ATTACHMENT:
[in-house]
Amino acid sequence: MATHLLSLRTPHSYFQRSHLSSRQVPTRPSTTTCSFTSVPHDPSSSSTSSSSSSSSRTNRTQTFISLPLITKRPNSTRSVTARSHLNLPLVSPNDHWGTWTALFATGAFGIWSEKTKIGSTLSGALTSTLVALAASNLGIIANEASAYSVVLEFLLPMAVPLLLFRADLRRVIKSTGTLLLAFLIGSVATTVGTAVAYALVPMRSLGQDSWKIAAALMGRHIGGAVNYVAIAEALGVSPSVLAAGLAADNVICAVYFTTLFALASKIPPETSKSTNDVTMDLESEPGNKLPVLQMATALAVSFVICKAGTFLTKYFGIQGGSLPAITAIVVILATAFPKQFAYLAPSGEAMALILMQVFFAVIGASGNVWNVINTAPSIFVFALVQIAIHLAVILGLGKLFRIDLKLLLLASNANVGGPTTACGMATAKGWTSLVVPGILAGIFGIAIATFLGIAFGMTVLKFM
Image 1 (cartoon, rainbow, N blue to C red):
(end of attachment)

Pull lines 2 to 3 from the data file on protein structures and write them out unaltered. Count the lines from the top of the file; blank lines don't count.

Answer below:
Amino acid sequence: MATHLLSLRTPHSYFQRSHLSSRQVPTRPSTTTCSFTSVPHDPSSSSTSSSSSSSSRTNRTQTFISLPLITKRPNSTRSVTARSHLNLPLVSPNDHWGTWTALFATGAFGIWSEKTKIGSTLSGALTSTLVALAASNLGIIANEASAYSVVLEFLLPMAVPLLLFRADLRRVIKSTGTLLLAFLIGSVATTVGTAVAYALVPMRSLGQDSWKIAAALMGRHIGGAVNYVAIAEALGVSPSVLAAGLAADNVICAVYFTTLFALASKIPPETSKSTNDVTMDLESEPGNKLPVLQMATALAVSFVICKAGTFLTKYFGIQGGSLPAITAIVVILATAFPKQFAYLAPSGEAMALILMQVFFAVIGASGNVWNVINTAPSIFVFALVQIAIHLAVILGLGKLFRIDLKLLLLASNANVGGPTTACGMATAKGWTSLVVPGILAGIFGIAIATFLGIAFGMTVLKFM
Image 1 (cartoon, rainbow, N blue to C red):